There are always so many great opportunities to see live music in London that I could probably find an artist or band that I would want to see every night. I have long decided that choosing the venue is a good way to traverse what can be a time-consuming and expensive path. Tuesday 19th July was one of those evenings where the venue really paid off. How wonderful then to be sat opposite Jackson Browne in a boozer while he catches up with friends (I notice he asks for a plate and steals some fish and chips) knowing I am about to see him in a venue not much bigger than the living room of my small terraced house (admittedly I am including the open plan kitchen… but hey that is still an intimate setting!)
While I booked my ticket to see Dawes whose recent 'Nothing is Wrong' album is both wonderful and a fairly obvious homage to early seventies Jackson Browne there were rumours cirulating that Jackson was to attend the same line-up's Borderline show on the following night. Unable to attend the Borderline show I was so pleased to see the large cases outside the Slaughtered Lamb in Farringdon emblazoned with 'Jackson Browne'. Dawes having backed Robbie Robertson now had JB as a mentor and it seemed that he wasn't going to let these young bucks out of his sight even for a warm-up gig in a tiny basement.
Just a few days earlier I was offered a free ticket to see James Taylor at the 02 and while it was nice to be in the same stadium size space as a legend there were too many MOR moments and sterile arrangements which were too far removed from Mud Slim and Sweet Baby James. This gig was the polar opposite.
Dawes started proceedings with 'Million Dollar Bill' a quieter moment from 'Nothing is Wrong' and previewed on the Middle Brother 'supergroup' offering suggesting that in Slaughtered lamb tradition that this would be a muted gig. With a rhodes and pump organ, bass, muted drums and an electric the foursome worked their way through the album and the volume crept up. Taylor Goldsmith's voice was passionate and powerful, hell… 'A Little Bit of Everything' ( which could close Jackson Browne's 1974 'Late for the Sky' LP) with it's strangly poignant vignettes led by that simple motif put a lump in my throat. While straightlaced and unambigous Dawes hit the spot, highights include a John prine Cover (Crazy as a Loon) and of course 'When My Time Comes' which has my Kiwi friend howling along even though he has never heard it before.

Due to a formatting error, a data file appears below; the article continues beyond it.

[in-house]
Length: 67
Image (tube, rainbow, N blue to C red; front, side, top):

Jonathan Wilson, freshly signed to Bella Union had a hard act to follow and quite frankly he failed to deliver his hippy-ish laurel canyon revisited thing felt a little fake and although I have bought into it before his songs felt hollow. I am not sure if Simon Raymonde from Bella Union was wishing he had beat Loose Music to 'Dawes' I know I would be. Maybe we could all see JB sat two sofas to the left of where I was sitting. Jackson joined Jonathan Wilson for a song before launching into a beautiful 'These Days' and 'Our Lady of the Well' then 'Take it Easy'. Hats off to a legend who is still happy to kick around in a small pub in Farringdon and champion young talent. James Taylor I hope you are taking note!